Monday, 7 October 2013

National Children's Book Week


                             Children's books are more powerful than you may think

It is National Children's Book Week, and so this week I will be looking at Children's books and how to encourage reading with our little ones. It is actually very amazing how powerful children's books are, and more often then not, the books your children enjoy will remain with them for many years to come.

I had a good few books which meant something to me as a child. They were my solace when being bullied, they were my friend when I felt lonely and each book I remember have a different meaning to me. For example, my earliest memory of a book was "Not now Bernard" by David Mckee, which I vaguely remember being read to me at primary school. I remember being given Enid Blytons bedtime stories by my mothers cousin, which led me onto the Faraway Tree and Secret Seven stories. And then there were the stories read to me by a teacher at the school where I was bullied (Mrs Wakefield) who read the Greenwatch series to us each day by Anthony Masters. Those books were my escape from the bad thing I was experiencing and I loved them dearly.

As a children's author myself, I can only dream to leave a mark such as that on a child. To create a piece of writing which means something to a child and would have a meaning to them is really quite unimaginable, but something I really strive to do. Take a think back yourselves.......there must be books you read or had read to you as a child which mean something to you. With many, these books are then passed on to their own children. (My daughter has a copy of Not Now Bernard...it had to be done!!) Sometimes the oldest stories are the best, and passing them down from generation to generation is what books are there for. Once in print, these books are there to spread their message and even if they touch just one child's heart, they are worth it!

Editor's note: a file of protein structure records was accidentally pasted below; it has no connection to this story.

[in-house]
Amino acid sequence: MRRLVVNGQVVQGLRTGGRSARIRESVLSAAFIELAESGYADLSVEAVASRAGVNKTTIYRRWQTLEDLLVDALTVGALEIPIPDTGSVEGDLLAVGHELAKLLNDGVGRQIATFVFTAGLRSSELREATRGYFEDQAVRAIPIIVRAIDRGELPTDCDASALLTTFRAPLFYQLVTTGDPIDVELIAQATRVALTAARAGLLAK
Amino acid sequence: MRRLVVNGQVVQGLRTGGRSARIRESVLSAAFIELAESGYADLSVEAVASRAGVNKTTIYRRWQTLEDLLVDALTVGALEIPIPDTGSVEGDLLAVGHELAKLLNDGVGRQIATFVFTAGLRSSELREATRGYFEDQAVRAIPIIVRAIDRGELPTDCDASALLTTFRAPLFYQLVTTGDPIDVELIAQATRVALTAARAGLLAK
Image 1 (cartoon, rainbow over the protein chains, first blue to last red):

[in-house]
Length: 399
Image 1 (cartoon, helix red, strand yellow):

The latest craze for weddings is to have passages from children's books read during the ceremony. The favourites being "Guess How Much I love you" and "The Velveteen Rabbit". The reason for this is that children's books explain things like love and friendship in the simplest and fun ways. Where else would a nutbrown hare promise to love another to the moon and back? That is the beauty of a story written for children.

As an aspiring children's author, I hope one day that my book "Mrs Handbag and the magic seed" will be passed down from generation to generation and touch many children for years to come (even if it is only my daughters copy of the book that does so!)

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